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Fear is a normal and important response of your body. It prepares you to react in dangerous  situations. Fear can be mild or severe, ranging from minor unease to total panic.

In some people, these feelings of fear become excessive to the point where they feel anxious in everyday situations. 

If you have an anxiety disorder, your fear is unrealistic and only holding you back. Your anxiety may become worse, you may experience anxiety attacks or start avoiding everyday activities just to cope with your anxiety. For example, you may feel anxious in crowded places, such as shopping centres or at parties. If you feel very anxious at the sight of a dog, just the sound of barking can be distressing. A minor, insignificant fear can turn into an anxiety disorder that can take over your life.

While anyone can develop an anxiety disorder, women are more likely to be affected. The condition is more common in people between the ages of 25 and 44. In the Netherlands, one in five people have an anxiety disorder.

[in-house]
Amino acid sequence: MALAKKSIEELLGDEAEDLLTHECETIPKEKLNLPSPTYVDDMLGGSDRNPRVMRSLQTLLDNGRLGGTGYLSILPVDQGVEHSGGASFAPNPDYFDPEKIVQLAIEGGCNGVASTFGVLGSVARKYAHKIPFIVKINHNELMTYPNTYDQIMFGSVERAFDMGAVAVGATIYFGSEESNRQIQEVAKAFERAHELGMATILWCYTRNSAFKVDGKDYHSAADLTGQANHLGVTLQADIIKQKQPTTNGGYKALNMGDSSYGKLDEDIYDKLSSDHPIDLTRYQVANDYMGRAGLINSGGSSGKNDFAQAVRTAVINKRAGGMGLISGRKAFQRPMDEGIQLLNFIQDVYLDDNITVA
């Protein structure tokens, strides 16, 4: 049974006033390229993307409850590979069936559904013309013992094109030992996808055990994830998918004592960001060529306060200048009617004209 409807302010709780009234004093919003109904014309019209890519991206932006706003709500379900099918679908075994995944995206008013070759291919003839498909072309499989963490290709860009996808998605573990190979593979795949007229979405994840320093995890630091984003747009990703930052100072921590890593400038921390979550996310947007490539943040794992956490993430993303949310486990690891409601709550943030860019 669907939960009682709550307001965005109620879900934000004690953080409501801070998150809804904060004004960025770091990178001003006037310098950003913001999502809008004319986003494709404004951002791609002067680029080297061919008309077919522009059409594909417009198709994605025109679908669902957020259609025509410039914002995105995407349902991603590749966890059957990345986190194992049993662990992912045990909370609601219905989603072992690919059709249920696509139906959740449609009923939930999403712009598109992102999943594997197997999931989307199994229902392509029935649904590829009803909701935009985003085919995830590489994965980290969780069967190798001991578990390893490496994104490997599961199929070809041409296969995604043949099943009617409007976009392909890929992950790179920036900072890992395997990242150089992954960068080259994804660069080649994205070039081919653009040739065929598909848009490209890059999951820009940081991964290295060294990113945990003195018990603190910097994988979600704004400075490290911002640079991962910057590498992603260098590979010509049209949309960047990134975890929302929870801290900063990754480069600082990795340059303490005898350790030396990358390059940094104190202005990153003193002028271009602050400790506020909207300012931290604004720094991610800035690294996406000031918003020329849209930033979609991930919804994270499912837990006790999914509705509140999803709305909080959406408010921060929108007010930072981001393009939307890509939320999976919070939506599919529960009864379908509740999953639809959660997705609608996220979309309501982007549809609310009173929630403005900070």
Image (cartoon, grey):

See a psychologist if you have symptoms of anxiety. You can refer yourself, or ask your GP to refer you. In rare cases, your GP may refer you to a psychiatrist. 

Who is affected?

Some people are more likely to develop an anxiety disorder than others. These four factors increase the risk: 

  • Environmental factors: the influence of your physical and social environment. For example, children of anxious parents are more likely to develop anxiety themselves.
  • Person-specific experiences: your life experiences. You may, for instance, be afraid of flying, because you’ve been on a flight with heavy turbulence.
  • Life-changing events: positive or negative life events, including birth, bereavement, moving house and car accidents, can cause self-doubt. 
  • Psychological factors: it’s important to conquer your fears. Avoiding scary situations will only make your anxiety worse. 


Fortunately, anxiety is very treatable. To find out what treatments are available, you can visit the Psyned website (in Dutch). 

If you need help now, please call the Support Line for young adults and students aged 18 to 25 at 0800-0450

If you’re having suicidal thoughts, you can call 113 or 0800-0113